Figure 2. Observed relationships between threat actors, malware and ransomware
First stage malware like The Trick, Dridex and Buer Loader allows threat actors to gain initial access into an organization. Once they have this access, they can sell it to ransomware operators, allowing for data theft and encryption operations. It’s common for ransomware operators to purchase this access from independent groups who infiltrate major targets.
Several threat actors have become initial access brokers, having moved from spreading banking Trojans to selling their access to other groups. These access facilitators distribute their backdoors via malicious links and attachments sent by email. These groups will typically escalate their privileges to administrative levels and more broadly compromise an environment before launching the ransomware.
Why is ransomware on the rise? Cybercriminals have created scale and are now able to offer programs like ransomware-as-a-service. Being able to pick services off the shelf like Locky, CryptoLocker, and TeslaCrypt have made it easier for groups to take up cybercrime.
Proofpoint tracks multiple threat actors who act as initial access facilitators or likely ransomware affiliates. In 2020, we identified 48 million messages within campaigns that would potentially lead to a ransomware outcome. Many threat actors have moved to more “selective” targeting, conducting reconnaissance before sending out their attacks.
Tools to support an effective ransomware defense strategy
Technologies like Nexus People Risk Explorer from Proofpoint can help you gain a better organizational understanding of your users, and explicitly show you which users, departments or groups are vulnerable, attacked or privileged. This improved organizational understanding can help you make fact-based security decisions. (Nexus People Risk Explorer is free to all Proofpoint customers who have one of our Proofpoint bundles.)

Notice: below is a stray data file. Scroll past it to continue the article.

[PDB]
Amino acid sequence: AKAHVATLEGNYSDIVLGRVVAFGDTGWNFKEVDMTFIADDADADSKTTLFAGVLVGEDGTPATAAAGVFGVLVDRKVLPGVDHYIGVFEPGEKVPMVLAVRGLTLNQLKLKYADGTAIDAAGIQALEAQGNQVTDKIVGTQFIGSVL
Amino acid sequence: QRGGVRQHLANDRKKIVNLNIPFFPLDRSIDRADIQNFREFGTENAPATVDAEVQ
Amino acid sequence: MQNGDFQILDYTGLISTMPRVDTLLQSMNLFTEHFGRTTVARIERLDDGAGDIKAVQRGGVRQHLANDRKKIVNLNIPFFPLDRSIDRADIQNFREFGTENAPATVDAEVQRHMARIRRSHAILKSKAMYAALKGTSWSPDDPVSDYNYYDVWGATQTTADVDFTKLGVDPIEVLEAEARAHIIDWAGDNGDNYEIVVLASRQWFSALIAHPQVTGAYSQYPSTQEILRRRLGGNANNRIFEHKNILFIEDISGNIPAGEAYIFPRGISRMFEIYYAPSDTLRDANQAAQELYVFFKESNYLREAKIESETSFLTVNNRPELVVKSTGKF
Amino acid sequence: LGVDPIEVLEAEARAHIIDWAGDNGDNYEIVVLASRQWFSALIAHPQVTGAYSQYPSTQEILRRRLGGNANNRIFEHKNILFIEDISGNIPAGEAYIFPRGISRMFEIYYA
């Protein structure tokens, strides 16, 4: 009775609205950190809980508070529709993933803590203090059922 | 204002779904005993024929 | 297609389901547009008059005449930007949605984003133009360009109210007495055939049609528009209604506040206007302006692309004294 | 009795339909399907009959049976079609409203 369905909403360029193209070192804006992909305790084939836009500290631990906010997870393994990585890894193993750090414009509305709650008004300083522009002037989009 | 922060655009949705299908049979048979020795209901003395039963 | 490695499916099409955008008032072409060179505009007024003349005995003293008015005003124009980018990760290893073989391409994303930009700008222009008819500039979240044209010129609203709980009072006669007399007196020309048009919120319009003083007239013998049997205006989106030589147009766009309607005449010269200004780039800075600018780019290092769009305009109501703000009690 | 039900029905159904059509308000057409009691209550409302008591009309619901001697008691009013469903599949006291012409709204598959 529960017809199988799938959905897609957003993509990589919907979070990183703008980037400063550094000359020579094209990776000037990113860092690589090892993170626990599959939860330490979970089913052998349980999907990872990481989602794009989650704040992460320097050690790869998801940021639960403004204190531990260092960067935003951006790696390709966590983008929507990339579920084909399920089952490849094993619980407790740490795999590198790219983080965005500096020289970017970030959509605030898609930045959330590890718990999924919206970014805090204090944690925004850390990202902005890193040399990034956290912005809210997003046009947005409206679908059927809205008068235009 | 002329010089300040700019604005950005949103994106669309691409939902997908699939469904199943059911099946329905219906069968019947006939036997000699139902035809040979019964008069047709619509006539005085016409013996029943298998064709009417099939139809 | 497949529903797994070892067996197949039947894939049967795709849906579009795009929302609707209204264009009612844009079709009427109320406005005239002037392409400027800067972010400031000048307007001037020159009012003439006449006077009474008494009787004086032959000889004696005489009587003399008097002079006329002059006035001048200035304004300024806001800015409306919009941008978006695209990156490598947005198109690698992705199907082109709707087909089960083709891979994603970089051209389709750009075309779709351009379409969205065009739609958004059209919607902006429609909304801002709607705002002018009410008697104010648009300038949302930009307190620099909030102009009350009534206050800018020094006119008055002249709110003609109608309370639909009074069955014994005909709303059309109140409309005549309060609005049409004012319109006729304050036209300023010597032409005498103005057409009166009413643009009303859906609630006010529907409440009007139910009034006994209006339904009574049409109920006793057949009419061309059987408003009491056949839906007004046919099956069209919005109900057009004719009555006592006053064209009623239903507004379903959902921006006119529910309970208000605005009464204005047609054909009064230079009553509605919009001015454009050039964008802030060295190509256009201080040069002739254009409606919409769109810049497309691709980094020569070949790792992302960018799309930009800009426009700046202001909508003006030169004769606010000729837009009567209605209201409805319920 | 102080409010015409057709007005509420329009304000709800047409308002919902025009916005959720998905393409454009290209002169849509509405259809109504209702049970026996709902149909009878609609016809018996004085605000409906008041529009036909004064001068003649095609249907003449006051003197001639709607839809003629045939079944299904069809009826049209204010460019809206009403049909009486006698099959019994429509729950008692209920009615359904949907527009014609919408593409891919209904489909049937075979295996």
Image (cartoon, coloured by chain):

Also, Threat Actor Reporting is available as a free upgrade within Proofpoint Targeted Attack Protection (TAP). By combining Threat Actor Reporting with Nexus People Risk Explorer, you can begin to understand who within your organization is under attack and why, and then plan a proactive mitigation strategy for those attacks.
Our CISO Dashboard, which is available to Proofpoint Security Awareness Training customers, provides an additional lens into your user community. It can help you identify users who may need additional layers of protection, such as a more stringent policy for web browser isolation to protect from malicious downloads like loaders and other malware components of complex, multistage ransomware attacks.
These key points of visibility and insights into users and the threats that they face are critical to helping you develop an effective ransomware defense strategy.
For more information on ransomware, check out this Proofpoint blog post, “Ransomware on the Rise—Key Trends and Tips You Need to Know.”